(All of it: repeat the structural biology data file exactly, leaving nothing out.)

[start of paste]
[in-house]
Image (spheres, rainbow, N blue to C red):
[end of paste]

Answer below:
[in-house]
Image (spheres, rainbow, N blue to C red):